Saturday, March 22, 2008

January 14, 2008

A "God with God" Moment:

Welcome back! Also welcome to January. You have probably seen depictions of the Roman god, Janus, from which we get the calendar name, January. He is depicted with two faces, one looking backward from where he came; one looking forward to where he is going. January is a perfect time to do just that; reflect and ponder on the past year and to strategize where you are going in the next 12 months.

Looking back. Let’s just look back to Christmas 2007. I imagine that at several different times throughout the past holidays you heard or read yourself the nativity story according to Matthew. The part I was taken by this Christmas was the section just before the angel shared his message. Remember:

This is how the birth of Jesus Christ came about: His mother Mary was pledged to be married to Joseph, but before they came together, she was found to be with child through the Holy Spirit. Because Joseph her husband was a righteous man and did not want to expose her to public disgrace, he had in mind to divorce her quietly. (Matt 1:18-19)

Allow me to make just a few basic observations. First, in Matthew, the birth of Jesus is not narrated. Rather, what we are informed of are the unsettling circumstances; for example, a young unmarried woman pregnant and her betrothed who knows he is not the father. Now you must carefully keep the sequence of the story in mind. Joseph has not yet received the dream/heavenly vision that Mary is pregnant thru the Holy Spirit. You and I know this as readers of Matthew, but Joseph has not been told. I’m sure in his somewhat tense discussions with Mary she claims her innocence. But if you were Joseph, what would you conclude based upon the evidence? His action plan is simple yet profound; he will “divorce her quietly.” Matthew does not tell us what his other options might have been but a simple reading of cultural background will be helpful. One for example was to join up with Mary’s father and have her stoned for her adulterous actions. The Old Testament gives them that right. Moreover, the culture of the day tells us that both her immediate family and Joseph will suffer humiliating public shame for what all people think she has done. Her death would be a legal (and justified) way for this stigma of shame to be removed. Yet, Matthew tells us that Joseph did not “want to expose her to public disgrace.” Joseph is taking love and loyalty to a new height. He loves her and her reputation more than his own standing in society. He will suffer public humiliation for her sake. Wow, what a man.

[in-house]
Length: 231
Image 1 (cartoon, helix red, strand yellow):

Second observation: Matthew defines Joseph with a powerful Jewish word; a righteous man (Greek: dikios). Often in the Old Testament, one who is righteous is one who follows the commands of God. And in this instance, the commands of God say, Mary is a sinner and deserves death. But I think that here Matthew, in the introduction to his Gospel is (re)defining the term “righteous.” Joseph will not be one who does the commands of God but rather one who acts Godly. Joseph is one who suffers undeserved disgrace and shame for another. Hummm. I wonder if that sounds like someone else in the Gospel, Jesus?

Looking Forward. So, with January upon us how might we turn this reflection into a year-long application lesson? First, spring is approaching and some of you might be thinking about life-long companions. Might I suggest that you think Joseph as the model. Ladies, please look deep inside a man to see if the sincere desire of his heart is to protect you and your reputation from public shame. I need not be overly graphic to make my point. Maybe you might ask yourself the question; “Does this man love me in ways more than himself. Will he protect my public and private image, even at the cost of his own?” Second, men, where do you think that Jesus learned to live a “righteous” life? My guess is, that at least in part, he learned it by watching his earthly father Joseph live a godly life day-after-day. What a bold task of a father, to teach the “Son of God” how to live a godly life. I’m not being sacrilegious. It’s the God-given task of every earthly father. Moreover, each of us teaches others a life of faith by the way we live each day; faith and righteousness is learned in community. But you need not wait until you are a father to live a “righteous” life. By then it might be too late. Why not begin right here and right now. In the midst of Spring Summit, why not cry out to God and tell him you want to live a life like God, like Joseph, like Jesus.

Lord Jesus,
May we see models around us that empower us to live righteous lives.
May we see the pain that we might create if we fail to live such, and cause others to falter
May You empower us to live like the saints of old, in this day NOW.
Forgive and cleanse us, Lord, in the midst of this Community, Your Body

Now, Go with God

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